In total, the blazes have created a layer of smoke estimated to be 1.2 million square miles wide. This image from the European Union’s Copernicus Satellite shows the smoke slicing north to south through Brazil like a knife.
From the other side of Earth, here’s the latest on the Amazonia fires ????
Produced by @CopernicusEU’s atmosphere monitoring service, it shows the smoke reaching the Atlantic coast and São Paulo ????????
— World Meteorological Organization (@WMO) August 20, 2019
‘Setting the Amazon aflame’
This week of fires comes on the heels of another worrisome milestone for the world’s largest rainforest. The month of July set a new record for the most deforestation ever in the Amazon in a single month, The Guardian reported. The Amazon shrunk by 519 square miles (1,345 square kilometers). That’s more than twice the area of Tokyo.
Data from Brazilian satellites indicated that about three football fields’ worth of Amazonian trees fell every minute last month. The total deforested area in July was up 39% from the same month last year.
The deforestation is directly linked to fires in the Amazon, since farmers sometimes set the forest ablaze to make room for livestock pastures and crop fields. These purposeful burns can then get out of control.
Brazil controls a lion’s share of the Amazon. However, Brazilian President Jair Bolsonaro has indicated that protecting the rainforest is not one of his top priorities. Bolsonaro supports development projects like a highway and hydroelectric dam in the Amazon.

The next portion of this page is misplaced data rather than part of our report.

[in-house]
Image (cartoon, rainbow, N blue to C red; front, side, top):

His administration has also cut down on the seizing of illegally harvested timber. In 2018 (under the previous administration), 883,000 cubic feet of illegal timber was seized. As of May 15, Bolsonaro’s government agencies had seized only 1,410 cubic feet, Pacific Standard reported.
What’s more, between January and May, Bolsonaro’s government lowered the number of fines it levied for illegal deforestation and mining (down 34% from the same period in 2018) and decreased its monitoring of illegal activity in the rainforest.
On Tuesday, when Reuters reporters asked Bolsonaro about the record rate of uncontrolled fires in Brazil, he pointed to the fact that it’s a time of year when farmers purposefully use fire to clear land – a seasonal cycle called “queimada.”
“I used to be called Captain Chainsaw. Now I am Nero, setting the Amazon aflame,” Bolsonaro said. “But it is the season of the queimada.”
Warmer, drier conditions make it easier for flames to spread
Warmer conditions because of climate change can allow blazes that crop up during the dry season to grow bigger than they otherwise might have. Global warming also increases the likelihood and frequency of wildfires around the world.
Hot and dry conditions in the Northern Hemisphere are a consequence of this unprecedented warming. That’s because warming leads winter snow cover to melt earlier, and hotter air sucks away the moisture from trees and soil. Decreased rainfall also makes for parched forests that are prone to burning.
Combined, that has created ideal conditions for wildfires in Brazil and elsewhere around the world.